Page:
Steve’s 2017 Year-in-Review: A Tale of Two Platformers

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Looking back at the games I played over the past twelve months, there were two very different platformers that stand out among some of my favorite experiences of the year.

Little Nightmares

The 80’s and 90’s were a tough time to be a kid. Shows like Fraggle Rock and Dinosaurs filled our tv screens with weird, wonderful, and often freakishly unsettling puppetry. Adults loved to fill our heads with bulbous creatures, whose exaggerated features and dark, beady eyes inspired both awe and terror.

When Little Nightmares released, I was two days shy of 35 years of age. Yet the creatures and environments I encountered in the game made me feel like I was five again. While the platform-oriented puzzles may not be as inventive as some other games in the genre, controlling the protagonist felt natural, and it was an easy game to pick up and play.

The general sense of unease lasted right up until the credits rolled. In the end, it was a journey I both loved and dreaded. Little Nightmares is an experience unlike any game I can remember playing, and I look forward to experiencing more of it whenever I get around to checking out the DLC.

Cuphead

If you follow me on Twitter, you know that I love Cuphead. If you are my wife, who was sitting on the couch behind me while I played Cuphead, you think I hate it more than I’ve ever hated anything. I may have been a little bit… vocal? …as I made my way through this one.

As a former (wannabe) animator, and an animation lover in general, Cuphead has been on my radar since I first set eyes on it. With whimsical, hand-drawn graphics that harken back to the (not so innocent) ‘toons of yore, the game’s visuals don’t disappoint.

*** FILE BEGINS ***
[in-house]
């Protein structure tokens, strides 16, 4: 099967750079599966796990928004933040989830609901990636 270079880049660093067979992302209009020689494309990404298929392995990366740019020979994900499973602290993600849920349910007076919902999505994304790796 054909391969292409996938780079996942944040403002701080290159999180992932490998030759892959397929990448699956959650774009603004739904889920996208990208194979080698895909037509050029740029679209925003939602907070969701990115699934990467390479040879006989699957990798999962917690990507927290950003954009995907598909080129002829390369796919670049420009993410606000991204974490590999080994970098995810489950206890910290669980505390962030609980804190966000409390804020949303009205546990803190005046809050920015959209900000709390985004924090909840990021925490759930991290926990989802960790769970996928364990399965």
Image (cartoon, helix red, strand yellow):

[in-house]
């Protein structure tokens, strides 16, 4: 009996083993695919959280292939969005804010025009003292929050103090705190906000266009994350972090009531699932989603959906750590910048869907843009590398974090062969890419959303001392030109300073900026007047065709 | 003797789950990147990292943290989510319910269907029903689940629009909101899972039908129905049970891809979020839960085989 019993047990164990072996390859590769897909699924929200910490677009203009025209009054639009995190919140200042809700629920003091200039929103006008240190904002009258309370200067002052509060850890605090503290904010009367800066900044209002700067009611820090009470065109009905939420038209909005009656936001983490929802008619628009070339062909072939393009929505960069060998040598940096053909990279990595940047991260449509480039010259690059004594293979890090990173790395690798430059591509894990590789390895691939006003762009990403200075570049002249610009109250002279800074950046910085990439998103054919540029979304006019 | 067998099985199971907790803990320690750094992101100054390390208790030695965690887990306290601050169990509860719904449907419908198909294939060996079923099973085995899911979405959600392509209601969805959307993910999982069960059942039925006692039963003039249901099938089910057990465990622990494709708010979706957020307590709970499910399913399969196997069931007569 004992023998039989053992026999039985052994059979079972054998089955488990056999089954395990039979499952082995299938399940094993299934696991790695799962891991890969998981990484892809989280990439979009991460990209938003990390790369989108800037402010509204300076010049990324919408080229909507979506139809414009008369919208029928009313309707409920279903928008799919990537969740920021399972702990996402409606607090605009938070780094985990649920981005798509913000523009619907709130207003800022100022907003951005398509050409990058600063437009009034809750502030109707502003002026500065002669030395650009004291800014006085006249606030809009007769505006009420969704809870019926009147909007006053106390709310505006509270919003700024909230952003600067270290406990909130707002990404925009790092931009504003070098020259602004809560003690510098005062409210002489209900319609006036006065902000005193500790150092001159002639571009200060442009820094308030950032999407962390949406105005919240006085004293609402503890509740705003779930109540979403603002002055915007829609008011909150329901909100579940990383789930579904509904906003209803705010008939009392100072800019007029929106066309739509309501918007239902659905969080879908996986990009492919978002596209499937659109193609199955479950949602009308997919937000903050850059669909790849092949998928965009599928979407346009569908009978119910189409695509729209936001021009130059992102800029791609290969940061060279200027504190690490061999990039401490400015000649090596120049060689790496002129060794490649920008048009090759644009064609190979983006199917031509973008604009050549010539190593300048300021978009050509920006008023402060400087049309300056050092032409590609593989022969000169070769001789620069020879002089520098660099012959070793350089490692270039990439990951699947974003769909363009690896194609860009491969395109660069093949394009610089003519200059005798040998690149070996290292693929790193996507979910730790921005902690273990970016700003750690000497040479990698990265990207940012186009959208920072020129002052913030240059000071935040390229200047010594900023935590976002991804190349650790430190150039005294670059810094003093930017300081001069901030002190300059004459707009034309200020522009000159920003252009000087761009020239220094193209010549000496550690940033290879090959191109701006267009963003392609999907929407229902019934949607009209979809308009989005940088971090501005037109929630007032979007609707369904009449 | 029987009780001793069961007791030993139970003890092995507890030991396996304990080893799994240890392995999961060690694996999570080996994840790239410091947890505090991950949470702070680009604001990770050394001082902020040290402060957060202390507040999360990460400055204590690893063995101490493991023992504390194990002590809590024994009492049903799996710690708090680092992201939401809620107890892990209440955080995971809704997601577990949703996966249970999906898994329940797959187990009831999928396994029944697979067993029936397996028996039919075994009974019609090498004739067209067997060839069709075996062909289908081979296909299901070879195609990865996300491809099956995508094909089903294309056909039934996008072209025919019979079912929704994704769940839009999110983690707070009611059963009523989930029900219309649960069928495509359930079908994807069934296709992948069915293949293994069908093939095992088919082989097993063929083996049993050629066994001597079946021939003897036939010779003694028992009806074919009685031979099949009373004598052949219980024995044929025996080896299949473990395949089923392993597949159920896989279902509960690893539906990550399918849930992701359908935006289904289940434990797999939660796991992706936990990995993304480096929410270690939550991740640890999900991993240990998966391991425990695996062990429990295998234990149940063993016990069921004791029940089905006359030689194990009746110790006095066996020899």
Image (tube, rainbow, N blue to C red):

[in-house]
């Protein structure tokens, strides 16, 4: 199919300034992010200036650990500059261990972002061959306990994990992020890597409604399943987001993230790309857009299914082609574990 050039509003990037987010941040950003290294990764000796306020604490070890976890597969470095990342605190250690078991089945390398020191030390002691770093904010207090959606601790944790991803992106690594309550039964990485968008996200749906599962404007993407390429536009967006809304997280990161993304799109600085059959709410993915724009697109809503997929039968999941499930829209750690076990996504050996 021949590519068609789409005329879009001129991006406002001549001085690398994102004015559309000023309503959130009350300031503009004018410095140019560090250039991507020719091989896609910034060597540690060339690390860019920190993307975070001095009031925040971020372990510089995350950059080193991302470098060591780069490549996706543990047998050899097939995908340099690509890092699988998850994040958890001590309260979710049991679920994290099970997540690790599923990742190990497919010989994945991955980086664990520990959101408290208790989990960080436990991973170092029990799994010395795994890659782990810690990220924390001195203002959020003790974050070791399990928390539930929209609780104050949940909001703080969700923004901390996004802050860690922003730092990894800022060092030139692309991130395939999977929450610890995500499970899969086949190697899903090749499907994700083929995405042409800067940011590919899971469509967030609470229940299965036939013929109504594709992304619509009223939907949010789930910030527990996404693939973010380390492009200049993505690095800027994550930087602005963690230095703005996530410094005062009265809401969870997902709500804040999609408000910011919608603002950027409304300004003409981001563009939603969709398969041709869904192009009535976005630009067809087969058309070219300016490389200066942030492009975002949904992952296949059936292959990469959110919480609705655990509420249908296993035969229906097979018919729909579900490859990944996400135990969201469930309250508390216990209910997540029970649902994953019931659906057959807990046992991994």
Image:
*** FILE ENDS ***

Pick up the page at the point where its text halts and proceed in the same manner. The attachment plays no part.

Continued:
The games is known for being more than just eye candy, however. It’s difficult. Very difficult. “I’m a vet of the Soulsborne games, and Cuphead makes me want to cry” difficult. The more you suffer, the more it shows it’s really good. Right? (Yea-a-eah)

The game did catch a lot of people off guard, and initially, a lot of people weren’t happy about that. That’s understandable – nobody likes taking a big swig of what they think is ice-cold cola only to discover it’s actually iced tea, even if you like iced tea. Unlike my terrible metaphors, however, Cuphead is a game that does make sense.

Cuphead gave us both a visually stunning game, with graphics unlike anything else on the market, and also a hardcore platformer that, for the most part, played as well as it looked. The game is difficult, but I’ll say what I always say: If I can beat it, anyone can.

 


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